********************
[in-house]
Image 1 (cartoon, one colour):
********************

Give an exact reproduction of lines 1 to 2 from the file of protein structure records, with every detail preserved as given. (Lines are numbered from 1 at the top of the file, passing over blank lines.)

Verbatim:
[in-house]
Image 1 (cartoon, one colour):